Ireland and Denmark have become more than acquainted with one another over the past couple of years, with the pair clashing in four competitive games in just under 24 months.
The Danes had Ireland’s number in arguably the most important of the clashes, at the Aviva Stadium in November of 2017, with a Christian Eriksen hattrick helping them to a 5-1 win and a spot at the World Cup in Russia.
The other three games, however, have been less one-sided, with the pair drawing 0-0 in the first leg of the World Cup playoff in Copenhagen before two more stalemates home and away in the UEFA Nations League in 2018.
The results were considered generally positive for Ireland, especially the away leg of the World Cup playoff, but each time the Boys in Green have quelled the Danish attack they have added to their frustrations, with some players and management expressing their disdain for the Irish style of play.
As the build to Friday’s game hots up and the Danes continue to vilify the challenge that Ireland possesses, let’s take a look at a brief history of Danish disgust.
“Breaking Down Ireland Is A Bit Like Opening A Can Of Beans With Your Bare Hands”
A now infamous line uttered by Danish midfielder Thomas Delaney following the first leg of the World Cup playoff between Ireland and Denmark.
The Danes simply couldn’t break down Martin O’Neill’s Irish side who frustrated their hosts without having many clear cut chances to score themselves, content to take a point back to the Aviva for the second leg.
Speaking to the Danish sports magazine Tipsbladet, Delaney said: “We can live with the result today.
“We can draw 1-1 against Ireland, and then we are on. So that’s OK, but it was a hard fight – as expected and feared. We tried and tried, but it was a bit like opening a can of baked beans with your bare hands – it takes time.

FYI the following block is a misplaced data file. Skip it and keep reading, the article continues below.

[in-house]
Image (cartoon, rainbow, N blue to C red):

“I would like to see that we had put one in the first half. We have chances, but it’s not an easy team to meet and I expect and hope they try a little more in Dublin, and then we can get a little more space.”
“It Reminded Me Of The Old Days In League Two.”
The playoff draw also clearly got on the nerves of Denmark and Leicester goalkeeper Kasper Schmeichel who was mostly critical of the pitch the game was played on but also took a dig at the fact that his opposite number Darren Randolph was the man of the match.
“There was no grass on it. No grass and it was soft. It reminded of the old days in Bury in League Two and that kind of pitch. It was the same for both teams, but it is disappointing for such a big game.
“We tried to play fast football, but we had to take an extra touch all the time to hold on to the ball. It made a little difference, but that’s no excuse. It was the same for both teams.”
“Randolph made some great saves so we’re a little disappointed not to have won, but it’s not the end of the world,” he said.
“They were very disciplined and had the clear aim of stopping us scoring. When you see the opposition keeper being the man of the match, it tells you the story.
‘Thank You Very Much For Giving Us Space”
The second leg of the playoff went much better from a Danish perspective with Eriksen’s masterclass leading them toward a comprehensive 5-1 win at the Aviva Stadium.
Shane Duffy gave Ireland an early lead but O’Neill’s men capitulated as the Spurs maestro took control of the game.